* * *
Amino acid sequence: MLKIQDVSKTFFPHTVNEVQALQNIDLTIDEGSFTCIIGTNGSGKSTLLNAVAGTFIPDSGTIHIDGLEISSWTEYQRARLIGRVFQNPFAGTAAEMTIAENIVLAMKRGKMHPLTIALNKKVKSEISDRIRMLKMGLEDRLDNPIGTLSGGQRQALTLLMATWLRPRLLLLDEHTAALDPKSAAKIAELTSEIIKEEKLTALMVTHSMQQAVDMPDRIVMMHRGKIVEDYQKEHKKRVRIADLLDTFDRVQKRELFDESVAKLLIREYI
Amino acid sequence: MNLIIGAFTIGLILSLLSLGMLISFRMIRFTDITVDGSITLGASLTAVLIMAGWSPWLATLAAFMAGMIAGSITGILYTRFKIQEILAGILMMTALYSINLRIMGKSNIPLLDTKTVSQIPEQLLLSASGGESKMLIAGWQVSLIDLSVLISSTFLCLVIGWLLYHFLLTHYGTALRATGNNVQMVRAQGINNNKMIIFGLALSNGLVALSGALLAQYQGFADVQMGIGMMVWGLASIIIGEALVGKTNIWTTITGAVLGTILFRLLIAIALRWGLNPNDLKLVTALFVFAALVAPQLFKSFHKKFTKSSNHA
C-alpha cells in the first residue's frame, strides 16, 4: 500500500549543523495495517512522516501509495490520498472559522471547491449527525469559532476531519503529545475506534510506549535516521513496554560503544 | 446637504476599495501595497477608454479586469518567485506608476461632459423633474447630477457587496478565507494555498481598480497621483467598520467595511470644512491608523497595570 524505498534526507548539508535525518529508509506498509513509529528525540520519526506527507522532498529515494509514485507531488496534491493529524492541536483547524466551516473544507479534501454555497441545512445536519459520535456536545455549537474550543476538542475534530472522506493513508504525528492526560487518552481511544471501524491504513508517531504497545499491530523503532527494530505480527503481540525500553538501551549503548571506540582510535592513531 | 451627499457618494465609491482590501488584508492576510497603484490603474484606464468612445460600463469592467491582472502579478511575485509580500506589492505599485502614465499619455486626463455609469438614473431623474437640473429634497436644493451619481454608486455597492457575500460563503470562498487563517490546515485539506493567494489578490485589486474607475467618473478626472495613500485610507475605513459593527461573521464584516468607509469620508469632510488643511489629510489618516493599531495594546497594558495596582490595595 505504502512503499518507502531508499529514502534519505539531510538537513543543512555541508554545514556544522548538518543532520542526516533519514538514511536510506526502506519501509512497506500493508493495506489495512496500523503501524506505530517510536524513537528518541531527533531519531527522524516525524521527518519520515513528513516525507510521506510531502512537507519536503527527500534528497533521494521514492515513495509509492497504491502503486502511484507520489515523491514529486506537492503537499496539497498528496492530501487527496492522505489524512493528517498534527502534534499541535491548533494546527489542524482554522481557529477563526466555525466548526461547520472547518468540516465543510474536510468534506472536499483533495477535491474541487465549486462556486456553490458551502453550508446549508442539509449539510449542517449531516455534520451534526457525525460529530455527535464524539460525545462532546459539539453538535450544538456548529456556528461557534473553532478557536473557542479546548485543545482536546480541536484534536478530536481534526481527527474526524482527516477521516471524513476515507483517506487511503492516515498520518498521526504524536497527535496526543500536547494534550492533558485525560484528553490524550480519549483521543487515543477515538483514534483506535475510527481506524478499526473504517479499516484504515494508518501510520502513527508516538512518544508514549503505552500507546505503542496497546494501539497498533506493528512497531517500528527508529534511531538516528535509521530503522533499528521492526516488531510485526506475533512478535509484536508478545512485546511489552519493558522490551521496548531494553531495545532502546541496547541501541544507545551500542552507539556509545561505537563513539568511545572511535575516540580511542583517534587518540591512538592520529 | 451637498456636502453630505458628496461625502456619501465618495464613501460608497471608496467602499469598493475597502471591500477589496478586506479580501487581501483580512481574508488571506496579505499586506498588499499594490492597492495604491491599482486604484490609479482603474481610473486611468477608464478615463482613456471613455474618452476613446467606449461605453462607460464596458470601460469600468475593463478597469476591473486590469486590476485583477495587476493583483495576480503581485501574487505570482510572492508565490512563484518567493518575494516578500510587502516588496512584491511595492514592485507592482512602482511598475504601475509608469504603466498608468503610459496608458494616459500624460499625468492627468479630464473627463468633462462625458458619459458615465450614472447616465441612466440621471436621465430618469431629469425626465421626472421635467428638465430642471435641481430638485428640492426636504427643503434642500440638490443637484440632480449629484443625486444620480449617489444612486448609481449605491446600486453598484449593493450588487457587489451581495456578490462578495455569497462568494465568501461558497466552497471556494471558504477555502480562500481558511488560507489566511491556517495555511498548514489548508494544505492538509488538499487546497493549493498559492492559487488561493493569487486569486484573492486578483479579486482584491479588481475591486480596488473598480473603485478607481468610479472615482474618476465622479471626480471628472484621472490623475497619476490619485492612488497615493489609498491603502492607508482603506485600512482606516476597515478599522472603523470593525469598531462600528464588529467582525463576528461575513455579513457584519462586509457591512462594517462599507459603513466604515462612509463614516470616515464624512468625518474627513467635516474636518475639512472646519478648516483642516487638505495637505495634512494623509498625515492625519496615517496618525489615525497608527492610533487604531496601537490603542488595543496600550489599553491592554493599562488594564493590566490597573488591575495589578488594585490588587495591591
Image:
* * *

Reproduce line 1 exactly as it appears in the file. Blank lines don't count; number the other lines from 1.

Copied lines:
Amino acid sequence: MLKIQDVSKTFFPHTVNEVQALQNIDLTIDEGSFTCIIGTNGSGKSTLLNAVAGTFIPDSGTIHIDGLEISSWTEYQRARLIGRVFQNPFAGTAAEMTIAENIVLAMKRGKMHPLTIALNKKVKSEISDRIRMLKMGLEDRLDNPIGTLSGGQRQALTLLMATWLRPRLLLLDEHTAALDPKSAAKIAELTSEIIKEEKLTALMVTHSMQQAVDMPDRIVMMHRGKIVEDYQKEHKKRVRIADLLDTFDRVQKRELFDESVAKLLIREYI